I was told we were close and before I could convince myself otherwise, we had reached Ravana’s Rock. Ravana, is known to be a multi headed king or in some versions of the story, an emperor of the island in Hindu folklore. The rock that we visited was said to be his “airport”, one of six meant to exist across the island. The landing and take off location of his chariot. Hashan showed me long lines across the rock which is said to be the indentation of the wheels from the chariot itself.

A sense of accomplishment swept over me as I completed the hike, revitalising my weary muscles and banishing any lingering exhaustion. It was as if a surge of endorphins coursed through my veins, instantly lifting my spirits. The descent, now downhill and naturally much easier, allowed me to fully immerse myself in the breathtaking scenery once more.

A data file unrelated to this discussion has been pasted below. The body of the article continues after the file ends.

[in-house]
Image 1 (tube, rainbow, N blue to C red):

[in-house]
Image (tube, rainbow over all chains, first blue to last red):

Reaching the bungalow, I was met with genuine warmth from the staff, who kindly recommended a refreshing lime soda to help me replenish after the hike and beat the afternoon heat.

As I sat back, reflecting on the journey, I couldn’t help but ponder the sense of contentment which was much stronger than what I had felt earlier that morning. I was in awe as I reflected through the entire journey, how I would have loved to complete more trails, maybe I was turning into a hiker now or maybe it is just the area surrounding these beautiful bungalows.
Unfortunately, there was not enough time to hike the number of trails and walking paths surrounding each bungalow but I am excited to come back and do it again!

Written by Ashmitha Gunaratne – Senior Executive Impact, Resplendent Ceylon.